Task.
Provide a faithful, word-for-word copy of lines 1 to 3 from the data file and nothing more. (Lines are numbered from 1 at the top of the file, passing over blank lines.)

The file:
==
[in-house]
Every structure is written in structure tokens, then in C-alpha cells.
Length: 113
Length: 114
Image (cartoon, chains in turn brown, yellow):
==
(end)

[in-house]
Every structure is written in structure tokens, then in C-alpha cells.
Length: 113